Why? because the democratic principle allows the legislator to bring other settings under the free conformation of torts and sanctions within the framework of other legal branches that may encompass different normative frameworks.

This was made possible by the Brazilian law 8.429 of 1992 and also with the Brazilian anti-corruption law that is the Brazilian law 12.846 of 2013 that also provided for torts and administrative law sanctions for companies, for legal entities, that practice acts of corporate corruption. These are administrative sanctions applicable by the judiciary and not by the administrative authorities or, alternatively by administrative authorities and by judicial authorities and, even so, they are administrative sanctions, they are sanctions of administrative law.

This was also confirmed with the application of the sanctioning administrative law framework of the legal regime of the sanctioning administrative law to these laws in Brazil, as we proposed in our legal writings, because we proposed in our legal writings that for these laws it would be necessary to apply the legal regime of the sanctioning administrative law due to them being laws of the sanctioning administrative law with applicable administrative sanctions from these laws within the concept of administrative sanctions and, therefore, the effects, the principles and the rules of the sanctioning administrative law would apply.

Consequently, Brazilian courts have applied to these important Brazilian laws, the law of administrative impropriety that regulates torts and sanctions on acts of public mismanagement, on acts of corruption by public agents or acts of public mismanagement, not only corruption, but also endemic inefficiency of public agents and private individuals who connect with public agents, sanctions of administrative law such as disqualification from holding public office, such as loss of public office, and suspension of political rights, are sanctions that are very similar to criminal sanctions, but they are sanctions applied by magistrates who do not have criminal jurisdiction.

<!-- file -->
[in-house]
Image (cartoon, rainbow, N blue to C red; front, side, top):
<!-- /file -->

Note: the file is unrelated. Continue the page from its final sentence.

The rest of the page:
These are sanctions applied by magistrates who have jurisdiction – here there is no administrative jurisdiction – it is an extra-criminal jurisdiction, a civil jurisdiction, that applies material rules of administrative law – and this dogmatic construction that we articulated from a non-statutory administrative law stricto sensu point of view is based on a conception of administrative law connected to the constitution.

The constitutionalization of administrative law allows us to visualize, on the one hand, a statutory administrative law, which is the classic administrative law, as stated by Eduardo García de Enterria, the administrative law that was born in the French Revolution with the public administration, the administrative law that comes to discipline the activities of the public administration. However, with its evolution, the constitutionalized administrative law, the administrative law that was constitutionalized is developed within the framework of the constitution. The constitutionalization of administrative law also demonstrates a substantialist perspective of administrative law.